Thus, as standard practice we recommend to all of our clients that properties be independently resurveyed before purchase. When preliminary information in the title search indicates the possibility of a problem, we insist that the property be resurveyed ( e.g. the property is on a river, or descriptions from one title to the next does not match ).

Using the subdivision or plot maps, we check the registered title description against the plot map. Generally, when subdivisions of the property have taken place, the limits are not only described on the title, but detailed on a separate document attached to the Registry (protocolizado) called "Minuta de Deslindes". In many cases the old boundaries will be described on the title vaguely, and usually describe the border in reference to the ownership of the neighboring properties that might itself have changed or had errors in the title.

In rural areas, it is common to find titles vaguely describing the limit such as in the following:
North: Property of Carlos Matamala, separated by a fence.
South: River Claro in 5 meters of the highest waters.
East: Property of Carrera Family, separated by a fence.
West: Property of Carlos Matamala, separated by a fence.

As can be seen in this case, there might not be even reference to how many meters each line has or if it is a straight line or skewed. As the property gets split, descriptions are often better and the plots registered have GPS references. For these reasons it is crucial to check the description on the "minuta de deslindes" and plot itself. Also, it might be necessary to check the titles of the neighboring properties and their plots in a sort legal and surveyor forensics operation to determine the real property lines for dependencies between the legal description and the physical property .

When properties have not been subdivided, checking the old plots in the field is very important. Most of the references on the old plots are to either natural marks (e.g. rivers, old rotting logs)- that might have changed - or owners that might have changed. Sometimes tracking down problems with a title can be made easier by talking to the community, as the situation in conflict might be of public knowledge. This is where getting out and getting to know the neighbors, the ranch hand that works down the road, and the local city officials becomes a critical tool to detecting title problems in rural areas. Local knowledge and experience is essential.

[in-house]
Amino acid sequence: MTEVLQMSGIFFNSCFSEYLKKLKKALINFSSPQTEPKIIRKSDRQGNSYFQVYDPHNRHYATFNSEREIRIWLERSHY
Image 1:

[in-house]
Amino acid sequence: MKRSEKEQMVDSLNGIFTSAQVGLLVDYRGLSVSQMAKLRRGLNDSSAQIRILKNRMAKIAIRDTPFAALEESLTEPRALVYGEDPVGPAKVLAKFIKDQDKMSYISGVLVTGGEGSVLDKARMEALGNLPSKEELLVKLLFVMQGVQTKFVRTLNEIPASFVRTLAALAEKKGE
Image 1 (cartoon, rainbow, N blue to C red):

In the case of rural property in Chile, boundaries are sometimes not easy to determined based on titles and legal documents alone. They do represent the basis for a safe purchase, but many steps should be taken to verify they are correct. Resurveying the property, establishing GPS coordinates, and including a reference on the Sale and Purchase agreement contracts, are just a few of the many steps that might be taken in order to avoid legal crusades in the future when purchasing a property in Chile.

Expropriation of Private Land in Chile by the Goverment of Chile
The Chilean legal System established that nobody can be deprived of their property or any of the rights of ownership if it is not by a general or particular law authorizing expropriation based on the common good or national interest. The legality of that expropriation act can be disputed in court, and always the expropriation gives the right to a full compensation based on the market price of the property. The amount of the compensation can also be disputed if it does not correspond to the market value of the property. Foreigners and Chileans owning property in Chile have the exact same rights and responsibilities in regards to owning property in Chile. Usually for major public projects such as roads, the Government will tend to pay higher than market prices to avoid any possible legal conflicts or delays in the project.

In order to check if a property is being considered for expropriation there are 2 basic documents:
Certificado de no Afectacion Municipal (Expropriation at the county level)
Certificado de no Expropiacion (Expropriation at the National Level)

The national level must be requested usually at the regional office of the Ministry of Housing and Urban Planing. The municipalities of each county issue the other certificate and set the requirements of time and information needed in order to get it. Both certificates will declare clearly if the property is being considered for expropriation. It allows property owners and the public to plan accordingly, and / or exercise their rights as a property owner.

Finally, the Zoning laws, property use, building permits, and building restrictions for a property should be checked. Please see our article on property and real estate zoning laws in Chile.

You can see that conducting a title search in Chile is not a trivial thing. We do not recommend that you attempt a title search on your own. You must have competent legal council to conduct a complete title search. This article is intended only to give foreigners purchasing real estate in Chile a general reference for the sorts of documents you should expect to receive in a complete title report. Again, many if not most issues with a title can be fixed in Chile, if they are found early.